top of page

A Contagion of Cowardice


Jordan Peterson’s interview with Jay Bhattacharya is one of the more insightful conversations to come out of the post-pandemic period. It’s fascinating to see Peterson coming to terms with the sheer scale of the lockdown during which time he was rather sick. We could have used his voice then and I have no doubt that he would have been fantastic.

Fortunately for the whole world, we did have Jay. It’s not just his credentials or his position at Stanford University. It’s his erudition that gave him the reach to make sense of our times. In this interview, Jay explains the unfolding of events in ways I personally found compelling.

Summing up his message, the response upended a century of public-health practice based on computer modeling that was not informed by any medical knowledge or public-health experience. That modeling came to be fused with a military-style response that waged a war on a pathogen with no exit strategy.

Powerful industrial interests saw their chance to realize every hidden agenda.

That was further complicated by severe political division. Even though the lockdowns began under the Trump administration, opposing them mysteriously came to be seen as “right-wing” even though the pandemic policies violated every civil liberty, massively harmed the poor, divided the classes, and trampled essential freedoms, which one might suppose were concerns of the left, once upon a time.

Jay knew from the beginning that these policies were a disaster but his method of dissent was to stick with the genuine science. He worked with colleagues very early in the pandemic on a study from California that proved that this war on the “invisible enemy” was futile. Covid was everywhere and only a mortal threat to a narrow group in the population needed to have its guard up while the rest of society moved on. That study was released in April 2020 and the implications were undeniably devastating to the war planners and the lockdown pushers.

The conclusion of the study seems rather commonplace now: “The estimated population prevalence of SARS-CoV-2 antibodies in Santa Clara County implies that the infection may be much more widespread than indicated by the number of confirmed cases.” But at the time, when dissent was rare if non-existent in scientific literature, and when the planning elite had declared its number one goal was to track, trace, and isolate, and thereby minimize infections through compulsion while we wait for a vaccine, this conclusion was anathema.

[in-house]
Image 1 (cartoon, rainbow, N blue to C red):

That’s when the attacks began. It was like he had to be shut down. The popular press began to go after him savagely, smearing both the study and his motivations (this later became outright censorship). At this point, he began to realize the intensity of the campaign against dissent and the push for full unity in favor of the policy response. It was not like normal times when scientists could disagree. This was something different, something fully militarized, when a “whole-of-government” and “whole-of-society” consensus was being demanded by every institution. That meant no heresies against orthodoxy were allowed.

At this point, the interview breaks and Peterson begins to ask probing questions of the sort he likes concerning the spiritual struggle all of us face in life, a subject that clearly consumes him. Peterson believes that all seeming political struggles are ultimately personal ones. Do we back off and acquiesce to conventional wisdom or do we continue to walk toward the light as shown by our conscience?

He asks Jay if he faced this moment, and Jay admits that he did indeed face this. He realized that continuing in this direction – researching to discover facts and telling the truth as he saw it – would massively disrupt his career, his life, and everything he had worked for. Everything would be different, away from comfort and into an uncertain and isolated frontier.

He faced that choice and made the decision to go ahead, undeterred. But the decision cost him dearly. He could not sleep. He lost tremendous amounts of weight. He faced social and professional ostracism. He was dragged through the mud daily in the press and scapegoated for every policy failure. He was accused of conspiring with the purveyors of dark money and every other form of professional corruption. He found himself vexed beyond which he had ever been in his entire career. But still he forged ahead, eventually gathering with other scientists to make what is now a famous statement of public health that has stood the test of time.

It’s fascinating to consider how few in academia and professional life made this choice. And the reasons why are also intriguing. Many in these high-end professions, particularly in academia, have far less job flexibility than we think. We might suppose that a tenured professor in the Ivy League could and would say anything he wants.

The opposite is true. They are not like the barber or auto mechanic who can leave one job and easily start another a few blocks away or in a different town. They are, in many ways, trapped in their own circle of influence. They know this and dare not depart from industry norms. And too often those norms are formed by funding. Yale University, for example, gets more overall revenue from government than from tuition. That’s typical among such institutions. And now we know that media and tech are also on the payroll.

These conflicts of interest combined with careerism played themselves out in brutal ways over the last few years. The high-end professionals who left their jobs to work in the Trump administration, for example, found that they had no jobs waiting for them at all when that presidency came to an end. They were not welcomed back, certainly not by academia. They were discarded. I personally know of many cases where people on advanced career tracks lost all merely by agreeing to what they believed would be public service.

5 views0 comments
bottom of page